Three ACA Taxes Repealed, Individual Mandate Ruled Unconstitutional

by | Dec 20, 2019 | Employee Benefits

December 20, 2019

The week of Dec. 16, both chambers of Congress passed two year-end spending agreements to fund the federal government until Sept. 30, 2020 (H.R. 1158 and H.R. 1865). President Trump is expected to sign them into law before the Dec. 20 funding deadline. One of the agreements, H.R. 1865, the Further Consolidated Appropriations Act of 2020, included a full repeal of three taxes originally imposed by the Affordable Care Act (ACA): the 40% Excise Tax on employer-sponsored coverage (a.k.a. “Cadillac Tax”), the Health Insurance Industry Fee (a.k.a. the Health Insurer Tax), and the Medical Device Tax. Separately, on Dec. 18, the United States Court of Appeals for the Fifth Circuit ruled the ACA’s individual mandate is unconstitutional, but it did not invalidate the rest of the law. As a result, the rest of the law remains in effect. See below for more details.

Cadillac Tax:
The Cadillac Tax would have imposed a 40% excise tax on coverage in excess of certain thresholds. When originally enacted in the ACA, the thresholds were $10,200 for self-only and $27,500 for family coverage with a 2018 effective date. The Cadillac Tax was delayed multiple times since passage of the ACA, and is now fully repealed, meaning it no longer exists and will never take effect.

Many employers, unions, insurers and industry groups have opposed the tax based on concerns around administrative and financial burdens for employers and adverse outcomes for employees. Cigna is a founding member of The Alliance to Fight the 40,, a coalition of public and private sector stakeholders that successfully advocated for full repeal of the Cadillac Tax.

Health Insurer Tax:

H.R. 1865 also fully repeals the Health Insurer Tax, beginning in 2021. The $8 billion fee was implemented in 2014, and continued to increase each year. The fee only applied to insured business, including insured Medicare plans, based on each insurer’s share of the taxable health insurance premium base.

Due to the adverse impact on health insurance premiums, the fee was suspended in 2017 and 2019. It is important to note that the fee will be in effect for 2020 as no suspension was granted for that year; then, it will be repealed effective 2021.

Medical Device Tax:
The Medical Device Tax imposed a 2.3% excise tax on U.S. medical device revenues. The tax was in effect over 2013-2015, and was suspended from 2016-2019. H.R. 1865 fully repeals the tax, effective Dec. 31, 2019.

Other notable items passed in the spending agreements include: legislation requiring the Administration to maintain certain policies (e.g., “silver loading”) for the individual Exchange markets to ensure consumers do not experience any disruptions for plan year 2021; legislation to prevent brand drug manufacturers from blocking access to samples of their products for generic drug development (a.k.a. the Creating and Restoring Equal Access to Equivalent Samples [CREATES] Act); and legislation to fund several expiring health programs until May 22, 2020. Read the final two-year spending package for more details about these and other spending agreements.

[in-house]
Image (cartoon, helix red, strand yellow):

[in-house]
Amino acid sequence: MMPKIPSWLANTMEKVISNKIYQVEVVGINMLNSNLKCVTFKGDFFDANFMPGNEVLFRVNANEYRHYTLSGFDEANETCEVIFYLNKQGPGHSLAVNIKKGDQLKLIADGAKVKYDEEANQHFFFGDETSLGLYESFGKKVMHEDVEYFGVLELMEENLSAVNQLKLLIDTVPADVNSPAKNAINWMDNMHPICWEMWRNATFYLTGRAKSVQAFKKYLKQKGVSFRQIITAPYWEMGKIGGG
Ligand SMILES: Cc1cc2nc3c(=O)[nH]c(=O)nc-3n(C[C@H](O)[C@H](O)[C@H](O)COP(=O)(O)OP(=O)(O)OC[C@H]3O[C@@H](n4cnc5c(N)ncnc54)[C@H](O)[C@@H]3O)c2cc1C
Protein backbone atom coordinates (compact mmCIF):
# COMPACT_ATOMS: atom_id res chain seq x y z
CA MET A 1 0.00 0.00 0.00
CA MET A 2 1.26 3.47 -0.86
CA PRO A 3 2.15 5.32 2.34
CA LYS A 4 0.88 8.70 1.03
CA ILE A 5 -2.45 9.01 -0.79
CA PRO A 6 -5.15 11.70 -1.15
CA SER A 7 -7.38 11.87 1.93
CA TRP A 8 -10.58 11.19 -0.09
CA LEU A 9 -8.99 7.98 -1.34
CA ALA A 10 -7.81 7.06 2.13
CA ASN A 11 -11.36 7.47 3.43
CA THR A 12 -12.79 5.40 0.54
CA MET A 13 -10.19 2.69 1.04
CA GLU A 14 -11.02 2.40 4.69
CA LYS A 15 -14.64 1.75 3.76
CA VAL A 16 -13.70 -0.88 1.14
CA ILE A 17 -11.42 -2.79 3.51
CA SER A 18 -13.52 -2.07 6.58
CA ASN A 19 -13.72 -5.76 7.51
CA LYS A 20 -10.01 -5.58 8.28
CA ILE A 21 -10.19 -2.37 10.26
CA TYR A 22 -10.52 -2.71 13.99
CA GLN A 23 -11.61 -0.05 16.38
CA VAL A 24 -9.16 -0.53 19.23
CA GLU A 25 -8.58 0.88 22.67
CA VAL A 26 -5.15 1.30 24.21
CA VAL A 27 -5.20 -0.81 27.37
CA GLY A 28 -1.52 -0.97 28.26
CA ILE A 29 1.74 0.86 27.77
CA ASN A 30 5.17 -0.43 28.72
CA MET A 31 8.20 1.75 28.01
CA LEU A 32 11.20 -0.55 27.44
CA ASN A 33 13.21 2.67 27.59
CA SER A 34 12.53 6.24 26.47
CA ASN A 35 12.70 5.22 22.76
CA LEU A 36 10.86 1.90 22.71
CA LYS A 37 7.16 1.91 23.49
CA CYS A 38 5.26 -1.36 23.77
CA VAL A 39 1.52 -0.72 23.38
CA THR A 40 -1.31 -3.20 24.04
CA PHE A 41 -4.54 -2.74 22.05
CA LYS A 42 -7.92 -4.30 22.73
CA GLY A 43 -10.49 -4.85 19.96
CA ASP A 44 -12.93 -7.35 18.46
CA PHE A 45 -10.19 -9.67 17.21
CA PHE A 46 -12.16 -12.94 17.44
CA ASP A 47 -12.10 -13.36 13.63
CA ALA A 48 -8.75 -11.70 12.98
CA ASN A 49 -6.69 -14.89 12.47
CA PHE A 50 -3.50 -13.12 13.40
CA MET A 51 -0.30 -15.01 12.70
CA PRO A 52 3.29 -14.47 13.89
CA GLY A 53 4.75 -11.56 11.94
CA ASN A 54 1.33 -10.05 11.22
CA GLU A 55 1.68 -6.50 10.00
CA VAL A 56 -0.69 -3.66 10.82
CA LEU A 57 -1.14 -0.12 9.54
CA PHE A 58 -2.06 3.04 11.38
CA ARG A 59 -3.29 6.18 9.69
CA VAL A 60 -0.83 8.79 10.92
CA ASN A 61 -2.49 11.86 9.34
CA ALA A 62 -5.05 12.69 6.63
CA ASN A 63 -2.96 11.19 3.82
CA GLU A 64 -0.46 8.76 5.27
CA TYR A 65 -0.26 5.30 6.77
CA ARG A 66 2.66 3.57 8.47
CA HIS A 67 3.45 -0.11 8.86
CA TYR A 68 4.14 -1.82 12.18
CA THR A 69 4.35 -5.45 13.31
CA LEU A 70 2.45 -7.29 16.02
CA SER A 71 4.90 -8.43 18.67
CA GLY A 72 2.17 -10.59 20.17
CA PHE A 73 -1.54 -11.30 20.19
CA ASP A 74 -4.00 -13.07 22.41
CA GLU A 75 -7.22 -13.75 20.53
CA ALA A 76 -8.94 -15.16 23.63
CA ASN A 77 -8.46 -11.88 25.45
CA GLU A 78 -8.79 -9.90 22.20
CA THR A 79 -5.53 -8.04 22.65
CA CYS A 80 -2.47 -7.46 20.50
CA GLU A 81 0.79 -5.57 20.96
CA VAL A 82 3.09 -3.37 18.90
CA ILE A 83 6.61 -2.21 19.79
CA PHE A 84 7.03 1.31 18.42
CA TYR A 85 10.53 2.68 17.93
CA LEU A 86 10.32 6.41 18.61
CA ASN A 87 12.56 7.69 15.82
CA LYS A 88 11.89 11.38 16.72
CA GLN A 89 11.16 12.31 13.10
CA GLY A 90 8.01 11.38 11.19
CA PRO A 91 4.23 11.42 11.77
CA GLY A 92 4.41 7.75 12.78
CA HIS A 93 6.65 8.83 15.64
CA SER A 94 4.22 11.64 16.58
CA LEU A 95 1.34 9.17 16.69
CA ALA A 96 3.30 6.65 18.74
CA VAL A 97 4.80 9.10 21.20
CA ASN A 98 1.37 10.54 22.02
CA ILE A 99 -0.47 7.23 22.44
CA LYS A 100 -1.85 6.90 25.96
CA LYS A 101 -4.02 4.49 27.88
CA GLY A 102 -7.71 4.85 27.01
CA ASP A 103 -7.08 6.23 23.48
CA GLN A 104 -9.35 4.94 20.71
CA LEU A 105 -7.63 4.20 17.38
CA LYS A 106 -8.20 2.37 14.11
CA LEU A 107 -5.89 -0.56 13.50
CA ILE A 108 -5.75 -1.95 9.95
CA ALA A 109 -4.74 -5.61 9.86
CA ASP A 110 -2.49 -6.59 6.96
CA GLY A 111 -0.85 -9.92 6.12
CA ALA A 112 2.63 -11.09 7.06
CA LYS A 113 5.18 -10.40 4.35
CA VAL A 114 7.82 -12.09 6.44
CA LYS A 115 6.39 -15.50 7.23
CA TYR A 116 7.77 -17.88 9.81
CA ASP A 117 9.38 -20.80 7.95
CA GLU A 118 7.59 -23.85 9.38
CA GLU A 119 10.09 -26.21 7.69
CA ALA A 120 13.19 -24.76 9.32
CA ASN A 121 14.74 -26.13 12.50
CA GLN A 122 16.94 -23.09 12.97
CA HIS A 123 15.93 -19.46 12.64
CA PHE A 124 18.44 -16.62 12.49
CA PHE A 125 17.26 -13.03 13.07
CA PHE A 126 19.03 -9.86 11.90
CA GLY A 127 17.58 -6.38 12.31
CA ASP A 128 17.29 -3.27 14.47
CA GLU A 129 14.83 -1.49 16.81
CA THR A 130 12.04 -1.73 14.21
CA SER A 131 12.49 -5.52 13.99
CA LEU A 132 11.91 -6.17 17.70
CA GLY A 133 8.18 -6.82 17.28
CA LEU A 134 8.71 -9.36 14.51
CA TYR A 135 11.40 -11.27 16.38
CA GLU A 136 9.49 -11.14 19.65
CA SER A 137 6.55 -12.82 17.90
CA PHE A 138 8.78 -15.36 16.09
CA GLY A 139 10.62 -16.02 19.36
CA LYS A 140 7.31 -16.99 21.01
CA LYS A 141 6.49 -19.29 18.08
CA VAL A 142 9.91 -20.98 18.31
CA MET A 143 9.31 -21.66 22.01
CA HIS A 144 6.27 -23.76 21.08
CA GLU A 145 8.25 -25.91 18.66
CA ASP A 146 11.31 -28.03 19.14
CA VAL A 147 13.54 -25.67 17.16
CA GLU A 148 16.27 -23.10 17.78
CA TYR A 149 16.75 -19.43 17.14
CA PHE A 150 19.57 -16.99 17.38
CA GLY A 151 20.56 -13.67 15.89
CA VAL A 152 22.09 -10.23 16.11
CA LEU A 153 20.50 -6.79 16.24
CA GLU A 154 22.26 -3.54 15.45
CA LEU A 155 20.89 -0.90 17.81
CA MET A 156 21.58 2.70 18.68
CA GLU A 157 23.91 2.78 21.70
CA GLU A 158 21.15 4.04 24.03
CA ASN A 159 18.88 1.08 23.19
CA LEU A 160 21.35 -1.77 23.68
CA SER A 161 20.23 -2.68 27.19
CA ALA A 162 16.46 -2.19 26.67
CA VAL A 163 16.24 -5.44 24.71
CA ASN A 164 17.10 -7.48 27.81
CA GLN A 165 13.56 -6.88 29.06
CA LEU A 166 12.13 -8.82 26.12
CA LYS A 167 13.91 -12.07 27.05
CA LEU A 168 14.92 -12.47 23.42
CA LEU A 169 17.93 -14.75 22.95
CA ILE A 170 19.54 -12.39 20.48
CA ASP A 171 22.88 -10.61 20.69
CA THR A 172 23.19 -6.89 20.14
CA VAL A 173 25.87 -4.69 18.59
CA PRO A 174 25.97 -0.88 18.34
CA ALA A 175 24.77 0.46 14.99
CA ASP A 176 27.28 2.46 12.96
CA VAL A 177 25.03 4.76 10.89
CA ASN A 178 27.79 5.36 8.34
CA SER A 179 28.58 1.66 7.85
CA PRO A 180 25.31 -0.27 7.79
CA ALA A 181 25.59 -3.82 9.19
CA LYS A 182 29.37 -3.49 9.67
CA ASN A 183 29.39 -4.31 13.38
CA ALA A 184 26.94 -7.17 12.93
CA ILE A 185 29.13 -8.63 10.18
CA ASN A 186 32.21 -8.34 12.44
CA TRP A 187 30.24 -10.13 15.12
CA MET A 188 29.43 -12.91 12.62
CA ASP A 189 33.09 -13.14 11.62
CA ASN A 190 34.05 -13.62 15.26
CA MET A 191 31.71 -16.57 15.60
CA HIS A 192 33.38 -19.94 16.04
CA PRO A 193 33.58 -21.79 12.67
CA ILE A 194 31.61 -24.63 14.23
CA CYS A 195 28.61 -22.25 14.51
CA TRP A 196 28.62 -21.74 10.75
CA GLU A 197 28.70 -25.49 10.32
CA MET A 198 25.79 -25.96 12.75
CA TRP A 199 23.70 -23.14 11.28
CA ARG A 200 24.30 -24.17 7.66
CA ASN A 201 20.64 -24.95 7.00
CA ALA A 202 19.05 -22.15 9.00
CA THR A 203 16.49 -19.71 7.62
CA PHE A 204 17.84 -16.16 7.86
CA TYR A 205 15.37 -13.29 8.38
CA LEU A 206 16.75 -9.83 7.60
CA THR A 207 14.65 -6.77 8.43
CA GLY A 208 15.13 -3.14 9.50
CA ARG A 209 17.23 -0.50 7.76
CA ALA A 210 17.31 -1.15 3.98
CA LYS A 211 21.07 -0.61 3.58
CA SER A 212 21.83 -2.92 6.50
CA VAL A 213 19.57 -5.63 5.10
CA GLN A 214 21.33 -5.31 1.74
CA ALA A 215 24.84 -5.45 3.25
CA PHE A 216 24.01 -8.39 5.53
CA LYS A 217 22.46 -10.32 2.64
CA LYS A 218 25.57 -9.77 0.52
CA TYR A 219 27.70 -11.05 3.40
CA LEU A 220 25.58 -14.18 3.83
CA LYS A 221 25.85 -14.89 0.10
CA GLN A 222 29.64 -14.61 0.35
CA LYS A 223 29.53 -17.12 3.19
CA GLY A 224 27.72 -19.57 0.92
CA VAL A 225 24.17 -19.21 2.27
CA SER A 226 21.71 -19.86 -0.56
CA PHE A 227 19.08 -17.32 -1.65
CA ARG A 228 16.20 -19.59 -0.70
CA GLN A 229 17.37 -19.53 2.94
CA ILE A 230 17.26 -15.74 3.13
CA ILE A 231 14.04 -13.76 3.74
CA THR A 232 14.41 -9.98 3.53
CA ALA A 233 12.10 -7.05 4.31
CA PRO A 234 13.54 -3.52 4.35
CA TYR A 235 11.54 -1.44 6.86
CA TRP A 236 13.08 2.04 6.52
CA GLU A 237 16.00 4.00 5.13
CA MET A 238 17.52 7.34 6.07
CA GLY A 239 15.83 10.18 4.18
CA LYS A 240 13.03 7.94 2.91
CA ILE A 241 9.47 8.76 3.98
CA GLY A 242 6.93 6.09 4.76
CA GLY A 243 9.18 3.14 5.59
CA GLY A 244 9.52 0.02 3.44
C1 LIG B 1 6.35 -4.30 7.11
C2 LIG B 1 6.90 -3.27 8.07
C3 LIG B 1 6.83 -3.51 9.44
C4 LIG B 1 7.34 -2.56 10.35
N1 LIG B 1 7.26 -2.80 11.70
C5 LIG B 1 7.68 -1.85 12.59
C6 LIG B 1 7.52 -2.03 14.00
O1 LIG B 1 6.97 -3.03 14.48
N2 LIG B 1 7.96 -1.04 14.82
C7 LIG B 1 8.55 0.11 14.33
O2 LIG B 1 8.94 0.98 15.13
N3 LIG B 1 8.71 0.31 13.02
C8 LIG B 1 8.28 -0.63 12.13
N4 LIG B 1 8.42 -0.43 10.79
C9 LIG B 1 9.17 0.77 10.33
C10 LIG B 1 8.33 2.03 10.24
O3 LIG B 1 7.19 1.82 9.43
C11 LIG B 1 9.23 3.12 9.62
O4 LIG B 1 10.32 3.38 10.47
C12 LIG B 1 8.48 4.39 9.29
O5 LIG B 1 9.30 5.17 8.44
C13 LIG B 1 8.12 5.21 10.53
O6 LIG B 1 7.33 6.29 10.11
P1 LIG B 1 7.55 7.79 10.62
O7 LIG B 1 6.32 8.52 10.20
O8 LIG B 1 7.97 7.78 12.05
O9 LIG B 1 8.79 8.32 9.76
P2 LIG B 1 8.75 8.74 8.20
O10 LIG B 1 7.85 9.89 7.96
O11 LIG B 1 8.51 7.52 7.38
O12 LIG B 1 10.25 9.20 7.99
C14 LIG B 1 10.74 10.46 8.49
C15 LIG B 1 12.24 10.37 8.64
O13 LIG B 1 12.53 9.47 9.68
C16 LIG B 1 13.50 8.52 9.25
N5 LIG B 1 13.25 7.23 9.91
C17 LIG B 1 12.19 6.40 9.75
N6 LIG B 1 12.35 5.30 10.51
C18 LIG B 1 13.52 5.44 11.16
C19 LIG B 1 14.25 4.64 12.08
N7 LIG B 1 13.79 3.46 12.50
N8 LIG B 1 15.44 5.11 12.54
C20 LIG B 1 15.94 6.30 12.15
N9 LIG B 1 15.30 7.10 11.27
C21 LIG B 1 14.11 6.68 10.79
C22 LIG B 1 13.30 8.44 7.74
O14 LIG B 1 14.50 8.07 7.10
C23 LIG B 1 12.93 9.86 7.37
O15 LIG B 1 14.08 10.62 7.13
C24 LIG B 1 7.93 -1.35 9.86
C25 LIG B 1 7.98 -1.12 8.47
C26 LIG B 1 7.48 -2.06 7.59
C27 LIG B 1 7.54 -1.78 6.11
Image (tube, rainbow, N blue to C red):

Federal Appeals Court Ruling in Texas v. United States:
A panel of the United States Court of Appeals for the Fifth Circuit ruled the ACA’s individual mandate is unconstitutional Wednesday. The court upheld the district court’s determination that the individual mandate is unconstitutional because it is no longer a tax with the zeroed-out penalty. In the district court ruling, Judge O’Connor further stated that because the mandate was essential to the law, it could not be severed (or separated) from the rest of the ACA, which meant the entire ACA was invalid. The appellate court did not resolve the severability issue or determine if any other provisions of the ACA should also be struck down. Instead, the panel remanded the case back to Judge O’Connor for further analysis of which other provisions of the ACA, if any, should be invalidated along with the individual mandate.

As a result of this new ruling, all remaining provisions of the law remain in effect – except for the newly repealed taxes listed above with their separate effective dates – while the legal process continues.

California Attorney General Xavier Becerra, who leads the 20 Democratic states that defended the ACA in this case, announced that the California Department of Justice is prepared to ask the U.S. Supreme Court to review the Fifth Circuit’s ruling. This is expected to be a long process and we will continue to keep you updated until there is a final resolution.

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